Thanks you, Saint Anthony!

Tony, Tony,
look around.
Something's lost
and must be found!

Tony, Tony,

The devils got my appointment calendar

Please get it back for me.

The next morning, Tuesday, I got up to go to work and I couldn’t find my appointment calendar. My appointment calendar is always in my backpack. If it is not in my backpack where it belongs, I don’t know where it is. “At least restore to me peace and tranquility of mind, the loss of which has afflicted me even more than my material loss.” I resolved not to get as frantic as I had gotten over the wallet. I looked around a little, then said, “Fuck it,” and went to work. As I was driving over the Newport Bridge, I remembered that the day before, just before leaving work, I had been making copies. I remembered that I had my appointment calendar with me in the copy room. I remembered it lying on the counter where I had been stapling the copies. My synapses were firing like I was thirty! I was filled with confidence that it would still be there and it was. Thank you, Saint Anthony!

(Writing the above made me think of my friend Frances Giambrone, who died in 1992 at the age of 52. Frances claimed that in addition to being the patron saint of lost objects, Saint Anthony was the saint who could help you find a parking space. Driving around downtown Boston, he would ask Saint Anthony to help him while making three circles in the air with his finger. He would then circle the block three times. I can’t say it always worked, but I can say I was with him on many occasions when it did.

I miss you, Frances.)

About the portrait: This is an archival, guest portrait. It was done in Honduras in 2007 by a young man named David Soto. I had gone to the national art school (Escuela Nacional de Belles Artes) to give an HIV/AIDS presentation and to try to recruit students to work on an AIDS comic book I was developing. David drew me while I was talking to his class. When he showed it to me afterwords I laughed out loud, not so much because it is a funny drawing, although it is, but because I had such a sense of recognition. This cartoon really looks like me! Or at least it really looks like what I think I look like.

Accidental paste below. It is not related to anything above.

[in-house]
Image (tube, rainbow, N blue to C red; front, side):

1. I love this portrait, John! It really does capture something special about you. I was going to write something else but I forgot what it was . . .

  2. I have to agree, John-- it's a great portrait. Likeness aside, it captures something about your presence and general disposition perfectly.

  3. Lori and Adam,
    So we all agree this portrait captures "something" about me, but can you help me articulate what that something is?
    It was drawn while I was speaking to a group of young Hondurans in Spanish. My Spanish is functional, but it is a long way from fluent. I once described myself speaking Spanish as being like a drunk hammering in a nail with a sledge hammer. So, for me, this portrait shows me putting myself on the line even though I know I'm going to come off kind of goofy. I like that I'm willing to do that.